Going live: in which Dave Denyer spends two fascinating days at London’s Air Studios witnessing Chasing The Dragon’s audiophile recordings

A week after a wonderful trip to visit Recording the Masters in France (write-up coming soon), I found myself heading to London’s iconic Air Studios. Have I mentioned how much love my job? Just the once or twice perhaps…

Since this was my second visit to Hampstead’s hallowed ground, I had some idea of what to expect.  I first went there last summer for Chasing The Dragon’s recording of Eleanor McEvoy’s album, Forgotten Dreams. It’s a memory I’ll take to the grave! To witness the making of an album, at the legendary studio founded by the late Sir George Martin – well, for an audiophile, it was almost a religious experience.

Now I’m with Chasing The Dragon again and this time, head honcho Mike Valentine has pushed the boat out, hiring the Studios for two consecutive days of recording and a third day for mastering.

The two days were scheduled for two very different projects. Mike planned to record two entirely separate and unrelated albums for release on 15ips 2-track tape, CD, direct cut LP, and high definition 24/192 PCM, DSD and double-rate DSD downloads.

Day one: Beethoven

It’s Monday 21stJuly and it’s a scorcher. Today’s performer is John Lenehan, a highly regarded professional classical pianist. I recently heard John’s work on another album from Chasing The Dragon’s Beethoven Live series (Piano Concerto No. 5. – which I recently reviewed here). His musicianship and the recording were excellent but I wasn’t personally bowled over by the acoustics of the recording venue (London’s St Martin in the Fields), so now I was really curious to hear the same performer in a different environment.

Pathétique Sonata

The album for today’s recording comprises two of Beethoven’s most popular piano sonatas: No. 8 in C minor, Op. 13, Pathétique, and No. 14 in C sharp minor, Op. 27, Moonlight.  These two are among the most popular of all classical pieces. So we could say that this puts the pressure on – when performing and recording such timeless favorites, there’s really nowhere to hide. These are compositions that many people know intimately. Any shortcomings will stand out a mile.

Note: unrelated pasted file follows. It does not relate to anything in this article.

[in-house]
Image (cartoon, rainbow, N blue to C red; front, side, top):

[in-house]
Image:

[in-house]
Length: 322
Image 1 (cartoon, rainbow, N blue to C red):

And so, having arrived on an extremely hot summer’s day, I grabbed a refreshing drink and made a brief tour of Air’s impressive facilities before heading eagerly towards Studio 1.

Studio 1, as the name/number might suggest, is a large space that can be configured in various ways using movable screens and walls. When I arrive there’s a Bösendorfer grand piano already set up with an impressive array of microphones.

First up (slightly above the piano) are a pair of Telefunken C12 switchable polar response capsule microphones. The valve-based C12 is a classic. It was developed by AKG in 1953 and has appeared under various guises and brands. Mike often uses a pair of modern Flea C12s (Flea being a contemporary brand in current production) but today, after various comparisons were made, he chose Air’s vintage Telefunkens for this job.

Royer SF-24V

Just back from the C12s, positioned a touch higher and perhaps 18 inches away from the piano, are a pair of Royer R-122 ribbon microphones. These modern microphones have a figure-of-eight polar pattern and are used in conjunction with the C12s to further extend the warmth, body and timbre of the piano.

Finally, there’s a single stereo microphone, the Royer SF-24V  – which is really two microphones in one. It comprises two figure-of-eight ribbon mics orientated at 90 degrees to each other, with one placed immediately above the other i.e. positioned in the form of a Blumlein Pair.

These microphones are all fed back to Studio 1’s outrageously splendid Neve mixing desk. This desk was designed by Neve’s Rupert Neve and ex-Beatles’ producer and Air Studios’ founder Sir George Martin. Only three were ever made, so this is about as special as a desk can get (I’ve yet to witness anyone see it for the first time without their eyes just about popping out of their head!).

So… piano set-up, microphones in postion. Next up, mixer Jon Bailey sets the controls on the desk, from which the two-channel mix is fed to four separate recording devices (yes, four!).

First, there’s Mike’s own very splendid Sony APR5003 ½” open reel tape recorder. ATR Master tape is being used, and the machine is carefully calibrated to 320nWb/m. The Audiophile Clinic’s Petronel Butuc has been brought in for the day (and tomorrow) to lend his expertise to operating it.

For the digital recordings, audio engineer Matt Sartori sits at the controls of a Nagra VI PCM recorder, set to record at 24-bit / 192kHz, and also of a Tascam DA3000 recorder recording at 2 x DSD (DSD 128).

Finally, and requiring by far the greatest effort (and the longest set of cables), a feed goes up two floors to Air’s in-house mastering studio where resident mastering whizz John Webber and assistant Cicely Balston are in control of the mastering console, and a most magnificent beast, a Neumann VMS-80 disc-cutting lathe.